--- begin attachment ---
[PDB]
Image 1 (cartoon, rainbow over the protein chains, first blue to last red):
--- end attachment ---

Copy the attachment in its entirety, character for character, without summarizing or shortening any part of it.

[PDB]
Image 1 (cartoon, rainbow over the protein chains, first blue to last red):